Saturday, December 8, 2012
One of the downsides of all those plays is finding a way to read them. In the past, playwrights would send a paper copy of the play to a theater, but now that many submissions are via email, the onus is on the person reading the play to figure out a way to read it.
I've always been the type to print out the script and read it that way. There's a weird disconnect when the play stays on a computer screen. It's hard to get into the play, since you're straining your eyes to look at it. But, when you have to print out 40+ scripts over the course of a few months, the bill can get pretty pricey, not to mention all the paper and ink you're using, all the trees that need to be cut down, etc.
Last year, my solution to the massive amounts of paper issue was to get a Kindle. I didn't get the Fire version, just the regular old Kindle, with a keyboard.
There are definitely pluses to using a Kindle to read plays. It's really pretty easy to email yourself the scripts. If you're getting plays emailed to yourself already, all you need to do is forward them on to your Kindle.com email. You set who can send you emails at your Kindle, so you don't have to worry about getting a spam email that will destroy your e-reader. The machine handles both .doc and .pdf files, though mine has crashed twice when reading a .pdf.
Since I have the keyboard version, I can make notes on the play as I read, just as I would with a paper script. I can also highlight text or dialogue that stands out to me as I read.
Despite the ease of use, reduction in ink and paper costs, and the note taking, I'm not sure I'm sold on the e-reader, especially when it comes to reading plays. After working my way through over 40 scripts this fall, I found it more difficult to write responses and reports after reading on the Kindle. One of the joys of reading an unpublished play is the ability to flip back and forth so easily through the stack of paper. It's easy to find what you're looking for or briefly go back to scene you want to examine again. Plus, there's something about holding the play as you read it that makes it sink in better, I think.
It's really hard to navigate the play on a Kindle, unless you take copious notes and notate every single instance you think you might want to look at again. You can't search the text as you can on a word processor. You can't search by page number on .docs.
I'm going to keep using my Kindle for reading plays, since it's much more convenient and cheaper, but I think I'll always prefer the physical copy of a script over it's e-version.
Saturday, October 6, 2012
The final pepper harvest wasn't terribly impressive - a total of 12 peppers. I think this overall this year I got about 30 peppers and that's a large outside estimate. 30 isn't a large amount compared to past years, when I was swimming in peppers by the end of the season.
Last year, I simply tossed the remaining peppers into plastic freezer bags whole and froze them. When I needed a pepper throughout the winter and spring, I'd just pull one or two out of the freezer and use them. Frozen peppers aren't good for eating raw, but they're perfect for tossing into a pot of chili or into a stock.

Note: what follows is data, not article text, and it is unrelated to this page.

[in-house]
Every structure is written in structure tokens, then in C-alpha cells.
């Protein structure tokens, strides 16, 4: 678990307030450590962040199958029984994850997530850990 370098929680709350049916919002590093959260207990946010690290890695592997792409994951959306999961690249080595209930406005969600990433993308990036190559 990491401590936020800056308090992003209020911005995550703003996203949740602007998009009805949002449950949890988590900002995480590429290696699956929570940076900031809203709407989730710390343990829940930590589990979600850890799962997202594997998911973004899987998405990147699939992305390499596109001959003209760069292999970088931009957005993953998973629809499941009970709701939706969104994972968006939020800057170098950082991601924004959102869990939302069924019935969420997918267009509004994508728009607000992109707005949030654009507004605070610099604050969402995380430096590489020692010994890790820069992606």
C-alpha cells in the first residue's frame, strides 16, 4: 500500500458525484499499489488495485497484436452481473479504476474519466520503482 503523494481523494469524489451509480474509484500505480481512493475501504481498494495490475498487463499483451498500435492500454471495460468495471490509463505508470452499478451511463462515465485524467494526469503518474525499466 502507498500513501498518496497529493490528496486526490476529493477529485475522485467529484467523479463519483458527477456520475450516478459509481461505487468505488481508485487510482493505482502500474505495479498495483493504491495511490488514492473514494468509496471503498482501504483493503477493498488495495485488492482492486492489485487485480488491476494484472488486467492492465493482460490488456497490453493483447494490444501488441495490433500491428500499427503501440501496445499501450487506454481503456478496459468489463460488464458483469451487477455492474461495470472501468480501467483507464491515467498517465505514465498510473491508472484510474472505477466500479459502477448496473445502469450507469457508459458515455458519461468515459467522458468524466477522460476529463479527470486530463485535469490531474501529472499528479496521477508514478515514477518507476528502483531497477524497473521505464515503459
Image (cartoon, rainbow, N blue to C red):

I wanted to get a bit more creative with preservation this year, so I decided to quick pickle half of the harvest. I left the Bulgarian Carrots alone, choosing to pickle the jalapeños only.
I never got on the canning bandwagon, for several reasons. Mostly, I don't want to buy a big canning pot or any of the equipment. So I went the quick refrigerator pickle route. I brought 3/4 cup of vinegar to a simmer on the stove, with 2 teaspoons of salt and 1 1/2 tablespoons sugar. I went with sliced peppers, so that I can use them on nachos and whatnot. The jalapeños went into a jar and the simmering vinegar went over top. The peppers and vinegar are cooling now, then they will go in the refrigerator and "pickle" for a few days (or a week. Or two weeks.)
There seemed to be a lot variance on the web when it came to how long the peppers will last in the fridge. A month seems to be the safe bet, but there are people who say they will keep for longer. I think the longer the peppers sit in the salty vinegar, the mushier they will get, so it might be more of an issue of quality than safety. But seriously, when it comes to food and safety, don't take it from me. Listen to the USDA and all those people who actually know the food science behind it all.
Wednesday, September 26, 2012
The other day, I noticed many tiny little seedlings sprouting up around the established plant in the container. These weren't weeds, they were baby basils. The plant had not only gone to seed, it had self-seeded.
That's when I got the obvious light bulb. I could save the seeds (the ones that hadn't fallen to the ground) for next season. And, once the sweet basil was ready, I could do the same with that.
Saving basil seeds is very easy. That plant wants to put out a flower. Most gardeners pick off the flowers, which gets tiring, especially if there is a lot of basil. Instead of picking the flowers off, let them be. They're pretty and they attract bees. Keep in mind that there's a give and take. Once you let the basil flower, the leaves lose flavor. If there's plenty of time left in the season, continue the battle against the flowers. But once fall rolls around, it's time for saving seed.
After a length of time, the small petals will fall off and the flower spike will turn brown and dry out. It won't be pretty any more, but it will finally be useful to you. Trim the spikes, then spread them on a paper towel or paper plate. Let them sit for a few days or a week. To remove the mature seeds, shake the spikes or even rub them. A messier option is to put the spikes in a paper bag and give it a good shake. The seeds will collect in the bottom of the bag, but you'll also have to deal with a lot of chaff.
Basil seeds that have reached maturity are tiny and black. Store them in an envelope for the winter, then plant next spring.
One quick note about cross-pollination. Basil does cross-pollinate, and I don't have the scientific data to give percentages or whatever. But if you grew multiple varieties, keep in mind that there's a risk for cross-pollination and unusual basil plants the next year.